There are a few events that are on the cards that may worry investors. The first is the possible strike on Syria by US. The second is the tapering of monetary stimulus by the US Federal reserve. The third is the reaching of the debt limit by the US in mid-October. Then there is the nomination of the new Fed Chairman. Larry Summers, the favoured candidate to take over Ben Bernanke, has a preference towards rapid unwinding of the massive U.S. monetary stimulus that has supported the economy. To top it all off, the poorest US market performance occurs…
There are a few events that are on the cards that may worry investors. The first is the possible strike on Syria by US. The second is the tapering of monetary stimulus by the US Federal reserve. The third is the reaching of the debt limit by the US in mid-October.
Then there is the nomination of the new Fed Chairman. Larry Summers, the favoured candidate to take over Ben Bernanke, has a preference towards rapid unwinding of the massive U.S. monetary stimulus that has supported the economy. To top it all off, the poorest US market performance occurs during the month of September according to the Stock Trader’’s Almanac and October saw lots of market crashes such as Black Monday, the Great Depression and the crash of 1987.
What are investors to do with so many events that are set to happen that may spook the market?
To answer that, let’s hear what Warren Buffett has to say. During the Berkshire Hathaway annual general meeting in 2012, when asked if systemic risk fears ever caused them to be afraid to buy stocks, he answered that in the past 53 years, he and Charlie Munger have never had a discussion about buying or selling in which they talked about macro-economic affairs. If they find a business that they like and can understand, they purchase it no matter what the Fed is doing or what is going on in Europe. There is always going to be bad news. He bought his first stock in June of 1942 when the US was losing the war. Stocks were also cheap and he wrote an article about it in October 2008, when the market was plunging. He knew that the panic would flow into the economy but that the US would not go away. Charlie and Buffett look at value of businesses but not at the macro-economy.
Morgan Housel from The Motley Fool said that for the past 150 years, the US has had nine major wars, 33 recessions, a half dozen financial crises, and an uncountable number of really awful things happen to the economy. However, the S&P 500 index still delivered an average annual return of 6.6%, after inflation during the same period.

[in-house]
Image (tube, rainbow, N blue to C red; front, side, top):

In Singapore, the Straits Times Index (SGX: ^STI) rose from 834 points at the start of the 1988 to around 3048.4 points today, representing an annualised gain of 5.3% over the past 25 years. This was despite the 1997 Asian Financial Crisis, the 2000 dot-com bust, the 2003 SARS outbreak and 2008/2009 Great Financial Crisis (GFC).
Individual stocks like Super Group Limited (SGX: S10), Dairy Farm International Holdings (SGX: D01) and Jardine Strategic Holdings (SGX: J37) have given investors returns of 1000% or more for the past ten years. These stocks have gone past the peaks seen before the GFC, creating massive value for shareholders who had the discipline to hold on to them.
Warren Buffett once quipped that the time to be greedy is when everyone is fearful. To do that, investors should not be focused on what macro-economic event is about to happen next. They should instead be focused on the value of the company that they want to invest in and buy them when the price is beaten down relative to the value. The upcoming ‘events’ such as the imminent war on Syria, tapering of monetary stimulus and the reaching of the debt limit may cause huge market corrections. Are you ready to take advantage of it?
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The information provided is for general information purposes only and is not intended to be personalised investment or financial advice. Motley Fool Singapore contributor Sudhan P doesn’t own shares in any companies mentioned.